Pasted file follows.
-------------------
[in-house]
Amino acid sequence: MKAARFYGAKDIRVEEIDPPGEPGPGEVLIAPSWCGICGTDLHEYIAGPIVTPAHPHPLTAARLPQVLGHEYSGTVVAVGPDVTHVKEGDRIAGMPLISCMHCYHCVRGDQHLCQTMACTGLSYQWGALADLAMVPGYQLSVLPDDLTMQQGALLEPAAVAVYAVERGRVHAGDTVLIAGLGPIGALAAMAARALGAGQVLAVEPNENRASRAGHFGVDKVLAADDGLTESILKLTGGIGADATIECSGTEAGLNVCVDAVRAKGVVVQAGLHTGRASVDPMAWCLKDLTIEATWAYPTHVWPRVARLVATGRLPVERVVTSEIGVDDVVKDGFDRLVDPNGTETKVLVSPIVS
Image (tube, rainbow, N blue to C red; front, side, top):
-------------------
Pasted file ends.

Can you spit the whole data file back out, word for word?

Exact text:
[in-house]
Amino acid sequence: MKAARFYGAKDIRVEEIDPPGEPGPGEVLIAPSWCGICGTDLHEYIAGPIVTPAHPHPLTAARLPQVLGHEYSGTVVAVGPDVTHVKEGDRIAGMPLISCMHCYHCVRGDQHLCQTMACTGLSYQWGALADLAMVPGYQLSVLPDDLTMQQGALLEPAAVAVYAVERGRVHAGDTVLIAGLGPIGALAAMAARALGAGQVLAVEPNENRASRAGHFGVDKVLAADDGLTESILKLTGGIGADATIECSGTEAGLNVCVDAVRAKGVVVQAGLHTGRASVDPMAWCLKDLTIEATWAYPTHVWPRVARLVATGRLPVERVVTSEIGVDDVVKDGFDRLVDPNGTETKVLVSPIVS
Image (tube, rainbow, N blue to C red; front, side, top):